California commuters now have an answer to the practice of lane splitting after Governor Jerry Brown signed legislation making the practice legal. Assembly Bill 51 passed unopposed with a vote of 69-0 and will go into effect January 1, 2017.
Lane splitting, the practice of motorcyclists to “split” the lane between stopped or slow moving vehicles was not previously defined by state law.
The legislation does little more than authorize the practice. It is now up to the California Highway Patrol (CHP) to create guidelines for implementation.
The CHP previously published guidelines on lane splitting in 2013, but was challenged by a state employee. The employee complaint questioned the legal authority of the CHP to create guidelines for something not defined as “legal” by California law. At the time, there was simply nothing in the law, for or against. As a result, CHP removed the guidelines from their website.
The bill requires CHP to work with the Department of Motor Vehicles, Department of Transportation, the Office of Traffic Safety, and a motorcycle organization focused on rider safety.
Though never defined by California law, lane splitting, also known as “filtering” or “lane sharing,” has been practiced by motorcyclists on California roadways for years.
Proponents of lane splitting have maintained that it protects riders. Motorcyclists face a visibility problem as the slim profile of bike and rider can make it hard for motorists to recognize. That lack of recognition makes motorcyclists vulnerable in stopped traffic according to proponents. And where a simple fender bender between two automobiles typically means drivers walk away, the same collision between an auto and bike can mean death for the rider.
According to the National Highway Traffic Safety Administration (NHTSA), upwards of 40 percent of all car accidents are rear end collisions. Proponents contend by moving motorcycles outside the normal path of traffic, it lessens the likelihood of a rear end collisions and more serious accidents.
And they might have some science on their side.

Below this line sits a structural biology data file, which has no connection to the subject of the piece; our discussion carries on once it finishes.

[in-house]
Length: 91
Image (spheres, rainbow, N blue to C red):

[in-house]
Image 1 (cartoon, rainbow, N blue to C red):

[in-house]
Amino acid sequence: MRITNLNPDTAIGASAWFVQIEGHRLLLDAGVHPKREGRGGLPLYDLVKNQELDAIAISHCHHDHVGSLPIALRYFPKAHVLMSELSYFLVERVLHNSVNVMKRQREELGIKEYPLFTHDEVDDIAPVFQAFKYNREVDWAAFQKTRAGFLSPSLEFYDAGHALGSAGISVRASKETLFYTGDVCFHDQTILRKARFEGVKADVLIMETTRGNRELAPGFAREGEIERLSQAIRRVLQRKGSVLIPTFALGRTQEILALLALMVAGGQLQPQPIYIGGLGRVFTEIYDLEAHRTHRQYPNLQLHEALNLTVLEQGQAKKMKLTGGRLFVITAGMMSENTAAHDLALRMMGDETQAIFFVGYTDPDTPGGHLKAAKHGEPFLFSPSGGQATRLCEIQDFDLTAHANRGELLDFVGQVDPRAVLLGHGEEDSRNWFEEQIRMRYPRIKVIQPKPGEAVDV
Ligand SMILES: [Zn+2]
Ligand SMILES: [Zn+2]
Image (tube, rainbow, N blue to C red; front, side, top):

Steve Guderian, a motorcycle safety consultant and former California Motorcycle Patrolman notes that corresponding surveys done in California in the late 70s, one in Europe, and the most recent UC Berkley study all point to the same conclusion. That lane sharing saves lives.
The UC Berkley study, done by the Safe Transportation and Research Center (SafeTREC) in 2014 found that riders suffered less serious injuries when the accident occurred during the practice of lane splitting. These riders had less head and fatal injuries when involved in an accident. The study involved accident reports on 900 motorcycle accidents.
The study found that when riders maintained no more than a 15 MPH speed differential with slower traffic, accidents were less likely and less fatal. At slower speeds bikers have more time to react with better lines of sight. Lane splitters tend to be weekday riders, riding at commute times with better helmets, and riding at slower than average speeds.
Traffic Congestion & Environmental Factors
Some supporters argue that there are environmental benefits to lane splitting.
For instance, when a biker splits lanes they remove themselves from the queue of vehicles backed up in the line of traffic. This means shorter lines of traffic, which in turn means increased mobility. When vehicles spend more time moving than waiting in traffic it means they are off the roadways sooner, burning less fuel and creating fewer emissions.
A 2012 Belgium study bears this out noting there would be fewer emissions because vehicles were not stuck in traffic jams as long.
Lane splitters will continue doing what they do until the California Highway Patrol establishes hard guidelines to regulate lane splitting behavior. Most believe this will involve a maximum general traffic speed threshold that lane splitting can be done and a maximum speed that riders can travel between lanes.
One thing is clear, motorists, in spite of many seeing lane splitting as a dangerous practice, will need to adapt to motorcycles traveling near the center line. The new guidelines should bring clarity for all California commuters.
But will the oft quoted saying “as California goes, so goes the Nation” be the case with lane splitting for other states? For most states, that answer is a clear “no.”